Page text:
Mid Yorkshire Hospitals Trust Told To Make Improvements

CQC Inspection Highlights ‘Inadequate’ Services Across The Trust


Hospitals within the Mid Yorkshire Hospitals NHS Trust have been told that they need to make a number of improvements following an inspection which found patients were at risk because of shortages in staff.

The Care Quality Commission (CQC) said that the Trust’s services were ‘inadequate’ and questioned patient safety.

Mid Yorkshire Hospitals Trust runs Pinderfields, Pontefract and Dewsbury hospitals and were rated ‘good’ for being caring to their patients in the CQC’s report.

However, the inspection highlighted that there were not enough nurses to provide care for patients on some of the wards and staff morale was low.

The CQC report said: “We found the staff caring for patients were compassionate and treated people with dignity and respect.

“However, due to significant staff shortages and movement of staff between areas, there was a level of frustration as staff were aware that they were not providing the quality services they aspired to provide.”

At Pinderfields Hospital, inspectors expressed serious concern of a risk to patient safety on Gate 20 which is an acute respiratory care unit at the hospital.

A total of six beds had to be closed on the ward simply because nurses had too many patients to care for.

The report stated that at Dewsbury and District Hospitals, beds had been closed of Ward 5 due to ‘an increase in patient harm being reported, complaints relating to patient care and low staffing levels.’

The CQC also criticised outpatient services at the Trust after finding a backlog of 9,500 patients waiting for follow up appointments; the report said: ‘This was reflected in the high number of complaints regarding outpatients, reporting distress and frustration at delays and appointment cancellations.’

Inspectors were concerned about the conditions in the mortuary at Dewsbury Hospital which was in a state of disrepair, stating: ‘The mortuary was in a poor state of decorative repair, with damaged walls and broken tiles. This would not allow for effective and thorough cleaning to be undertaken.’

Following the CQC’s inspection in July this year, Mid Yorkshire’s overall rating was ‘requires improvement’ and nine separate reports were produced on its services.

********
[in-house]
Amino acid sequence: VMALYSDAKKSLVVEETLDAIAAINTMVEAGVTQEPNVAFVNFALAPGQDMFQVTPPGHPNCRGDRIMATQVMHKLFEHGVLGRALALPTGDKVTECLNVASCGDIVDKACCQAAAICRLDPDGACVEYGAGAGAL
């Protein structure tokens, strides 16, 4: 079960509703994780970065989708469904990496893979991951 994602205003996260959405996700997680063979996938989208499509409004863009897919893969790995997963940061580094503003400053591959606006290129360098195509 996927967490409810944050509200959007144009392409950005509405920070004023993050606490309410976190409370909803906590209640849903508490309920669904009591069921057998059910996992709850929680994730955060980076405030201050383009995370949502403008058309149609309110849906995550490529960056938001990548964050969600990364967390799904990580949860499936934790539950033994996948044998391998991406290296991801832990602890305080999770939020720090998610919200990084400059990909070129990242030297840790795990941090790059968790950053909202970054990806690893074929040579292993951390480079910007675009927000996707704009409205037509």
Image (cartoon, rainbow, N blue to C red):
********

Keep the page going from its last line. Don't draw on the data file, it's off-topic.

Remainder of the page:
The Trust has started to make changes to improve its services, including recruiting 100 nurses, the outpatient backlog has been reduced to 3,000 and Dewsbury mortuary has been redecorated.

Chief executive Stephen Earnes said: “I’m personally very proud of our staff. Many are doing an absolutely outstanding job in quite challenging circumstances.”

Mike Richards, the CQC’s chief inspector of hospitals, said patients and relatives were generally happy with their care at Mid Yorkshire.

“I am very concerned that staff shortages in the Trust’s acute hospitals are impacting on the safety and quality of patient care.”

Expert Opinion
The findings from the CQC are very worrying as patient safety should always be the number one priority for any healthcare provider. It is vital that the Mid Yorkshire Hospitals Trust works as quickly as possible to provide reassurances that lessons will be learned and standards improved.

“We see recurring cases where problems have emerged as a result of hospitals not being able to cope with the level of demand due to staff shortages and substandard care and the problems of the past simply cannot be allowed to be repeated.

“It is encouraging that the Trust has started to put a plan into place to address the issues raised in the CQC’s report to ensure that the areas highlighted will be improved.

“It is important work continues to identify the regions within the NHS where there are failings in patient care and that action is taken to ensure that staff are trained to meet industry guidelines and also that staffing numbers meet the level of demand.”
Rachelle Mahapatra, Partner